تداوم عادت، موانع تعدیل عامل تولید، و بازده دارایی ها در مدل تعادل عمومی با انتظارات خودبرآورد
|کد مقاله||سال انتشار||مقاله انگلیسی||ترجمه فارسی||تعداد کلمات|
|28842||2010||9 صفحه PDF||سفارش دهید||محاسبه نشده|
Publisher : Elsevier - Science Direct (الزویر - ساینس دایرکت)
Journal : Review of Financial Economics, Volume 19, Issue 1, January 2010, Pages 19–27
I examine asset returns in the context of real dynamic stochastic general equilibrium economies with multiple equilibria (indeterminacy) that allow for aggregate fluctuations due to non-fundamental belief shocks. The two models include habit formation in preferences. Model 1 combines restrictions on factor mobility and adjustment costs in a one-sector economy. Model 2 uses restrictions on factor mobility in a two-sector economy. Results demonstrate that Model 1 fails to match the stylized financial facts. Model 2 replicates the low risk-free rate and the standard deviation of the return on the risk-free asset, but underestimates the equity premium and standard deviation of the return on equity.
In this study I investigate the asset pricing implications of real dynamic stochastic general equilibrium (DSGE) economies with multiple sunspot equilibrium solutions. Multiple equilibria or indeterminacy arise when agents act based on expectations, not grounded in fundamentals of the economy. By their behavior these beliefs may become self-fulfilling. Models with self-fulfilling expectations enjoy a measure of success in explaining the stylized facts of the business cycle, and in this regard they are difficult to distinguish from the neo-classical real business cycle (RBC) models with unique equilibriums. However, neo-classical (determinate) and indeterminate economies differ greatly with respect to the shock propagation mechanism, and, consequently, in their policy implications. [See Benhabib and Farmer (1999) for a detailed survey of literature on indeterminacy.] Financial implications of models with multiple equilibria have not been extensively studied. Indeterminacy of equilibrium in a model economy allows for the introduction of belief or “sunspot” shocks. Sunspot equilibria may involve large fluctuations in macroeconomic variables. In the context of DSGE models, in which asset prices and macroeconomic variables are endogenously connected, sunspots influence asset returns. This connection is a potentially attractive feature of the models with indeterminacy, since financial markets are driven to a large extent by investors' beliefs. My first objective in this research is to evaluate the extent to which self-fulfilling expectations change the asset pricing implications of DSGE models. I focus on matching the equity premium, average risk-free rate, and the volatilities of asset returns observed in US data. My second objective is to contrast the financial implications of indeterminate models with asset pricing results obtained in their counterpart models with determinate (unique) equilibrium. The two models, I analyze, share both habit formation in investors' preferences and factor market inflexibilities in production. However, they differ in their production technologies. The first specification combines capital adjustment costs with increasing returns to scale in a one-sector model with predetermined labor. The second is a two-sector model with increasing returns in the investment producing sector only, and restricted capital and labor mobility between sectors. The logic underlying this particular choice of features is that habit formation in preferences of representative investors breaks the link between the model's stochastic discount factor (pricing kernel) and the rate of consumption growth. Without habit, the standard deviation of the pricing kernel, itself proportional to consumption growth, must be low in order to replicate the standard deviation of the consumption growth rate of about 1% estimated in the data. Alternatively, the Hansen and Jagannathan (1991) study implies that accounting for the high equity premium in the US data in the context of the consumption-based DSGE framework requires the standard deviation of the stochastic discount factor to be at least 50% annually. Habit formation dramatically increases investors' desire to smooth consumption while factor market inflexibilities, such as adjustment costs, predetermined labor, and restricted factor mobility between production sectors, prevent instantaneous costless factor adjustments. Researchers often use a combination of the two elements to improve asset pricing implications in general equilibrium in the determinate (no sunspots) setting. Mehra and Prescott (2003) and Campbell (1999) present extensive reviews of the asset pricing literature on the determinate DSGE framework. To explore the effectiveness of these features in explaining the stylized financial facts in a multiple equilibria setting, I first establish that they are compatible with indeterminacy. The next step is to quantitatively evaluate the asset pricing implications of the two models. I find that the one-sector model with self-fulfilling expectations is not consistent with the high equity premium and the volatility of the return on equity. In contrast, the determinate one-sector model matches these features of asset returns well, although it produces an extremely volatile risk-free rate. The two-sector model with sunspots is able to replicate the average risk-free rate and the standard deviation of the return on the risk-free asset observed in the data. This is an improvement over the corresponding determinate model developed in Boldrin, Christiano and Fisher (2001), which results in extremely volatile return on the risk-free asset. On the other hand, the indeterminate two-sector model does not reproduce the high equity premium observed in the US data. The corresponding determinate model matches the equity premium. The paper proceeds as follows: Section 2 outlines the two models with self-fulfilling expectations and presents the solution method that I use throughout this paper. In Section 3 I describe my choice of parameters and analyze the implication of habit formation and restrictions on factor mobility for indeterminacy. In Section 4 I discuss the quantitative implications of two indeterminate models and contrast them with quantitative implications of the corresponding determinate models. Section 5 concludes. 2. Two models with self-fulfilling expectations In this section I outline two decentralized production economies and explicitly define the prices of financial securities.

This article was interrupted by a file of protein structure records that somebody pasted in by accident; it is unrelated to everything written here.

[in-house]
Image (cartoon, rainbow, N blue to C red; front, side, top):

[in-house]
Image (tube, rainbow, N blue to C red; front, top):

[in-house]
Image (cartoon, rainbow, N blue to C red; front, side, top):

نتیجه گیری انگلیسی
In this paper I focus on the ability of DSGE models with self-fulfilling expectations to match the equity premium, the average risk-free rate, and the standard deviations of asset returns observed in the US data while maintaining their ability to replicate stylized business cycle facts. To improve their asset pricing implications, the models include habit formation in preferences and restrictions on instantaneous factor adjustments. My results show that the indeterminate one-sector model produces a near-zero equity premium and excessively smooth asset returns. In contrast, the corresponding determinate model replicates the equity premium and high standard deviation of the return on equity found in the data, but it substantially exaggerates the standard deviation of the risk-free rate. I attribute the difference between two sets of results to the size of capital adjustment costs. To preserve multiple equilibria, adjustment costs have to be much smaller in the indeterminate model than in its determinate counterpart. With mild capital adjustment costs, agents can adjust their consumption plans and respond to shocks by trading in equity security; therefore, stocks do not earn a high premium. In the indeterminate two-sector model, the magnitude of the equity premium has the right order, but it is still 3.5 times smaller than in the data. The standard deviation of the return on equity is lower than its empirical value. The determinate two-sector model replicates the equity premium and the standard deviation of the return on equity, but produces an unrealistically volatile risk-free rate. My conclusion is that the task of explaining the stylized asset pricing facts in the context of local indeterminacy is even more challenging than in the models with unique equilibriums. The elements of DSGE models that facilitate self-fulfilling expectations, such as increasing returns and the costless capital adjustment mechanism, work against the ability of these models to produce high equity premium and substantial volatilities of financial returns.